Cereal yield forecasting with satellite drought-based indices, weather data and regional climate indices using machine learning in morocco

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Output type: Journal article

UM6P affiliated Publication?: Yes

Author list: Bouras E.H., Jarlan L., Er-Raki S., Balaghi R., Amazirh A., Richard B., Khabba S.

Publisher: MDPI

Publication year: 2021

Journal: Remote Sensing (2072-4292)

Volume number: 13

Issue number: 16

ISSN: 2072-4292

eISSN: 2072-4292

URL: https://www.scopus.com/inward/record.uri?eid=2-s2.0-85112308659&doi=10.3390%2frs13163101&partnerID=40&md5=4eafc53c384c057551fe73e701b2ce51

Languages: English (EN-GB)

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Accurate seasonal forecasting of cereal yields is an important decision support tool for countries, such as Morocco, that are not self-sufficient in order to predict, as early as possible, importation needs. This study aims to develop an early forecasting model of cereal yields (soft wheat, barley and durum wheat) at the scale of the agricultural province considering the 15 most productive over 2000–2017 (i.e., 15 × 18 = 270 yields values). To this objective, we built on previous works that showed a tight linkage between cereal yields and various datasets including weather data (rainfall and air temperature), regional climate indices (North Atlantic Oscillation in particular), and drought indices derived from satellite observations in different wavelengths. The combination of the latter three data sets is assessed to predict cereal yields using linear (Multiple Linear Regression, MLR) and non-linear (Support Vector Machine, SVM; Random Forest, RF, and eXtreme Gradient Boost, XGBoost) machine learning algorithms. The calibration of the algorithmic parameters of the different approaches are carried out using a 5-fold cross validation technique and a leave-one-out method is implemented for model validation. The statistical metrics of the models are first analyzed as a function of the input datasets that are used, and as a function of the lead times, from 4 months to 2 months before harvest. The results show that combining data from multiple sources outperformed models based on one dataset only. In addition, the satellite drought indices are a major source of information for cereal prediction when the forecasting is carried out close to harvest (2 months before), while weather data and, to a lesser extent, climate indices, are key variables for earlier predictions. The best models can accurately predict yield in January (4 months before harvest) with an R2 = 0.88 and RMSE around 0.22 t. ha−1 . The XGBoost method exhibited the best metrics. Finally, training a specific model separately for each group of provinces, instead of one global model, improved the prediction performance by reducing the RMSE by 10% to 35% depending on the provinces. In conclusion, the results of this study pointed out that combining remote sensing drought indices with climate and weather variables using a machine learning technique is a promising approach for cereal yield forecasting. © 2021 by the authors. Licensee MDPI, Basel, Switzerland.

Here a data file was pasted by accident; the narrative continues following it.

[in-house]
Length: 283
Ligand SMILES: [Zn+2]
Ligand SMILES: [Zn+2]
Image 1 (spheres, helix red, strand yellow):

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Last updated on 2021-02-12 at 23:21